The other attractive feature of 11/22/63 is that I am a bit of a Kennedy ‘assassination buff’—what those of us who reject the Warren Commission’s conspiracy-less (sic) theory used to be called until they came up with the pejorative ‘conspiracy theorist’—and can usually tell whether or not a writer has done his homework on this topic.
While reading King’s take on the November 22, 1963, I got the distinct impression that King’s primary reference for the assassination was Gerald Posner’s Case Closed, while Norman Mailer’s Oswald’s Tale was the go-to book for his depiction of Lee Oswald as an insecure, violent sociopathic personality. Needless to say, I do not consider either of these books to be helpful in understanding the events of this day . . .
The narrative of the novel is told in such a manner that the question of who killed JFK on November 22, 1963, remains unanswered. King’s ‘solution’ was vague enough that, if you are one of the few left who believes that Oswald acted alone, you would be pleased with the outcome.
If, on the other hand, you are one of the majority of opinion-holders in the world that believes that there was more than one shooter, the outcome is vague enough to leave you guessing King’s assessment of that day.
Unfortunately, Mr. King included an afterword that should never have been allowed into the book. King acknowledges both Mailer and Posner’s work among his main sources of information, which is at least half hilarious, given the current status of Gerald Posner.
This caused me to reflect backward and read into the novel’s seeming vagueness a definite statement by King about that day of infamy. Oh well, as the Rolling Stones once said, “What a shame, nothing seems to be going right . . .”
A paranoid sociopath who teaches himself fluent Russian
Using Mailer, King’s almost completely derogatory portrayal of Oswald as a vain, self-absorbed, possibly stupid, and easily misled person. Which, of course, fails to account for how a 17-year old high school dropout who enlisted in the US Marines wrangled an assignment to a top-secret radar base in Japan that monitored the even more secret U2 airplanes that were illegally coasting high above the Russian territories. Spying on Soviet military and manufacturing operations.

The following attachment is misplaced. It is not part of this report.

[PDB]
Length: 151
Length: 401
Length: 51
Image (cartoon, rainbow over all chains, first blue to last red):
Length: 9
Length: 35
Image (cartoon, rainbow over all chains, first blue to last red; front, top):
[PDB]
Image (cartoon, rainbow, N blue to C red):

And the story and the coincidences get weirder and more prolific: according to his fellow Marines, the only books he was ever seen reading were by Karl Marx, the Father of Modern Communism.
Now, many investigators write this off—a US Marine on assignment off the coast of the USSR at the height of the Cold War trotzkying, er, trotting around the base carrying ANY book would have called attention to himself, let alone the presumed bible of the enemy—which, of course, if Lee was more than a mere grunt, this may have been his exact intention.
Nor does King explain how this imbecilic (“What, me worry?”) jarhead was able to learn to read and speak damn near fluent Russian without a teacher while on that top-secret assignment in that isolated compound.
Why does King believe Mailer and Posner?
It is almost inconceivable that a high-school drop-out of below-normal intelligence learned Russian while on duty at that base. And he certainly didn’t learn it at home before enlisting! Once you accept that, then only one other conclusion is left you:
Leon Oswald learned to read and write damn near fluent Russian after enlisting but before shipping out to Japan.
While he was in the Marines.
Question: What type of Marine was pulled from the rank and file and taught Russian at the height of the Cold War?
Answer this question correctly and Mr. Oswald takes on a whole new persona and the term conspiracy theory doesn’t sound so, so . . . outré, yes?
So, why does King believe Mailer and Posner that Oswald acted alone??
FEATURED IMAGE: The Texas Book Depository looking down on Dealy Plaza in 1963.